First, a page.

During my attendance of the Designers Identity program the team and I had the chance to work with Albert Heijn, the biggest supermarket chain in the Netherlands. The assignment given from Albert Heijn was to enrich the proposition of shopping for the elderly by increasing the ease and the social experience of shopping. Our client wanted us to have a extra focus on the experience of morning shopping, as this particular time of day is when many elderly choose to do their shopping. We had two weeks to come up with a impactful solution that would surprise AH headquarters.
In order to get a grasp on the life of the elderly and their wants & needs we decided to ‘Context Map’ the whole situation. Not only did we focus on the store and the elderly but also on other upcoming factors within the whole playing field, like: the neighborhood, the other customers and the employees. During these two weeks we were given access to an Albert Heijn store in Utrecht (Händelstraat 63) in order to conduct research on the target group and to test the prototypes we would build.
Albert Heijn allowed Tim and I (Mark) to work as employees in the physical store at the Händelsstraat in Utrecht. This gave us the opportunity to frequently observe, interview and test with our end-users. The first few days we used the ‘Fly on the wall’ technique. We tried to blend in as much as possible to get an idea of what a normal working day at the Albert Heijn store looks like. We socialized and talked to the employees as much as possible to gather their unique insights. At the end of every working day it was our job to report back to the group with our ‘deliverables’. These deliverables contained insights Tim and I gathered during our incognito working hours.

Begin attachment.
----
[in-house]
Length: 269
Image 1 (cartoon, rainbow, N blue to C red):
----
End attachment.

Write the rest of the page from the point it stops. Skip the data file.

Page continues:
We needed a solution that would blend into the customer journey more seamlessly. To make this as easy as possible we wanted to use items that were already available in the store, in our case: the iconic Albert Heijn blue baskets. We transformed 11 baskets into an “Ik help een handje-mandje” (I’m Able to Assist Others Basket). These baskets stood out from the normal baskets because of their bright pink design and text on the side which contained the phrase: “Ik kan helpen met…” (I can help with…) By adding a visual cue to an Albert Heijn product that every customer uses, other customers that seek assistance during their shopping experience had a clear indication of who to approach.
Because we left the intended purpose of the statement open for interpretation we ended up with some pretty interesting conversations. The customers we interviewed came up with their own preffered ways of helping someone else in the store, maybe a bit of advice or other totally random positive answers. Wrapping up the project we presented our research, insights and prototype at the Albert Heijn headquarters with all the stakeholders involved. We accompanied this with two deliverables, a printed customer journey map and a booklet containing all of our data and findings for future reference.
A short and concise summary/ list of the services we provided to get Albert Heijn to it’s desired outcome / goal.
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